World Cup bidding must be overhauled, reform chief tells FIFA

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FIFA’s new reform chief has recommended a complete overhaul of World Cup bidding, saying the current process is “a mix of corruption risk and conflict of interest concerns”.

Mark Pieth, the criminology professor at the University of Basle appointed to chair FIFA’s independent governance committee, also recommends time limits for the FIFA president and executive members to serve.

His raft of proposals calls for the organisation to adopt serious anti-corruption measures, to reduce the president’s individual power, and that there should be independent members appointed to the executive committee.

The description of World Cup bidding will resonate particularly in those countries such as England who bid for the 2018 and 2022 tournaments.

Last December’s votes became mired in controversy, with two FIFA members later being banned for breaching ethics committee rules, and in May, England’s ex-2018 bid chief Lord Triesman made allegations of unethical requests by FIFA members during the campaign.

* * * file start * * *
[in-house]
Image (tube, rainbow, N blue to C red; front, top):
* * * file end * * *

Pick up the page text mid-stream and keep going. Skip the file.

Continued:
Pieth’s report states: “Past experience has demonstrated that the risks linked to these highly visible and politically sensitive decisions are actually a mix of corruption risk and conflict of interest concerns.

“Suspicion that individuals either sold their vote or profiteered directly from the choice of venue is combined with allegations of a strategic use of development money in order to influence decision-takers of ExCo.”

Pieth said the bidding process should be revamped to prevent manipulation and the decision for the FIFA Congress to take the final vote on World Cup hosts “is a step in the right direction from a corruption prevention perspective”.

Pieth will not, however, investigate allegations of corruption involving World Cup bids or of wrongdoing by FIFA members but stick to making proposals for future reform – and he admits that some members will not like his plans for change.

He said he would walk away if he feels his reform proposals are not taken seriously.

Pieth told a news conference in Zurich: “We are talking about serious stuff here. Not everyone will like this.

“I’m not too worried about it because to some extent this is a process. We are trying to change something, but of course there’s a bottom line, if we are seriously unhappy I can say ‘this is it, I’ve had it’.”

Pieth, who is being paid by FIFA for his work, said he did not have the capacity both to look into the past and to recommend reforms and he would be “professionally unsound” to do so, so he was focusing on the future.